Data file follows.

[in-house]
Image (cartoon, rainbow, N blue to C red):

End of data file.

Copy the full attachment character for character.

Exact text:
[in-house]
Image (cartoon, rainbow, N blue to C red):